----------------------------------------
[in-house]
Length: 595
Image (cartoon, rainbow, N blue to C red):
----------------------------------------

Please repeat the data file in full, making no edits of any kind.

[in-house]
Length: 595
Image (cartoon, rainbow, N blue to C red):